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Attacks Targeting Afghan Civilians Spread Terror

Governments Backing Talks Should Press for Civilian Protections

Kabul street where gunmen fatally shot two women judges who worked for Afghanistan's high court, and wounded their driver, January 17, 2021.  © 2021 AP Photo/Rahmat Gul

With Afghan peace talks making little progress, the latest report by the United Nations Assistance Mission in Afghanistan (UNAMA) makes for grim reading. Although 2020 saw an overall decline in civilian casualties — the lowest numbers since 2013 — a slew of attacks targeting civilians has spread terror and undermined trust crucial for a future settlement. 

Following the United States-Taliban agreement a year ago, both US airstrikes and the Taliban’s large-scale urban suicide attacks decreased. This helps explain the 15 percent decline in civilian deaths and injuries for 2020. The Islamic State (ISIS) also claimed fewer attacks. However, the last quarter of the year saw a jump in apparently targeted attacks on civilians.

Human rights defenders and journalists were killed in such attacks in 2020, along with more than 700 civil servants, members of the judiciary, and politicians. Although most of these attacks went unclaimed, many followed death threats made by Taliban commanders against the media and civilian government employees.

The Taliban’s increased use of improvised explosive devices (IEDs), including pressure-plate IEDs that act like antipersonnel mines, killed 727 people and injured 1,569. The Taliban have committed to not using these indiscriminate weapons, but nonetheless continue to do so. They should immediately cease deploying them and remove those already planted.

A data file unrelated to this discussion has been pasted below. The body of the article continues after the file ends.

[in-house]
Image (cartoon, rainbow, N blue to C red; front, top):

Another extremely worrying trend is the 126 percent increase in civilian casualties caused by the Afghan Air Force, with 341 killed and 352 injured. This is the highest number of civilian casualties UNAMA has ever attributed to Afghan government airstrikes. Government forces were also responsible for numerous deaths of children, many of them in airstrikes. The government should be investigating possible laws-of-war violations by its forces; instead it has responded by threatening with arrest journalists and local officials who report these civilian casualties.

Governments backing the peace talks should be using their political leverage — and promised future recognition and support — to press the Taliban for an immediate end to targeted attacks on civilians and a commitment from all sides to avoid civilian harm.

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